By Barry Serafin
Racing to Clone People
Experts Say Human Cloning Is Inevitable, But Is It Ethical?
All babies are genetically unique — each one is a biological extension of both parents but Kentucky fertility specialist Panos Zavos wants to change all that. Zavos and an international team of doctors say that within two year and a half years, they will produce the world's first cloned baby. He says the procedure would be offered only to infertile couples.
"We will clone a human for therapeutic purposes. That is very important for people to know that," Zavos says. "This is not just to clone anyone that wishes to do that."
Doug Dorner and his wife, Nancy, are interested in cloning because cancer treatment left Doug sterile.
"I don't see any reason why technology can't help me to have a child," Doug says. "I think that cloning at this point would be a good option because it would actually be one of us."
Dorner learned about cloning from a Web site, http://www.humancloning.org/ The site is run by the Human Cloning Institute, which was founded by Randolfe Wicker.
Wicker sees cloning as a way to cheat death.
"I will be cloned after it is safe, viable, and affordable, and I don't think that will be terribly long from now," says Wicker. "I would sort of like live on through my later-born twin."
Experts estimate that the procedure will cost couples between $50,000 and $60,000 initially.
Critics Question Safety
But critics say much more research needs to be done before human cloning is considered safe. Even the cloning of animals like sheep, cows, pigs and mice is still far from foolproof. For example, at Infigen, a leading animal cloning company, the highest success rate so far is only 15 percent. That's all right for animals, but what about people?
Bioethicist Alta Charo says human cloning carries an unacceptable risk of miscarriages, stillbirths and birth defects.
"I think it's unprofessional," says Charo. "I think it's unsafe. It's unproven. It's certainly untested in humans…What we are going to get, nobody knows, we've never done this before."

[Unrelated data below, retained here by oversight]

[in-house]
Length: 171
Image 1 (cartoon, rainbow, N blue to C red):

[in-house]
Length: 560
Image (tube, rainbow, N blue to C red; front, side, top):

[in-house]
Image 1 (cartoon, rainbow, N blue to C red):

Zavos insists the cloning team will not go forward if it cannot develop safe, reliable procedures. If they can't find a way to clone safely, they'll stop altogether.
"If by any means we cannot develop this technology, our ambitions are not going to drive us to the level where we are going to act irresponsibly," he says. "We're going to close the shop and go home, and the world needs to know that."
Supporters and critics of human cloning do agree on some things. It is important to understand, they say, that a clone might look like a twin, but it would not be the exact copy many of us envision.
"That little baby is going to be different simply because it has a different environment," says Wicker. "There's going to be a different series of life experience, different nutrition. All types of things are going to impact that child."
For example, clones of Michael Jordan might not be great basketball players. Instead, they might play the violin or become mathematicians.
'The Genie Is Out of the Bottle'
There is also agreement among the experts that, however controversial, attempts at human cloning are inevitable. Even the chairman of the National Bioethics Advisory Commission, which concluded in 1997 that human cloning was unsafe and unethical, said in 1998 that it would be "very difficult, if not impossible, to try to stop."
Zavos says his group is working to ensure that when human cloning does happen, it is done properly.
"The way I look at it, the genie is out of the bottle," Zavos says. "If we don't do it, somebody else will do it and they'll do it soon, and probably in a very irresponsible fashion."
Arguments over ethics, risks, benefits and legality go on, but human cloning appears to be just a matter of time.
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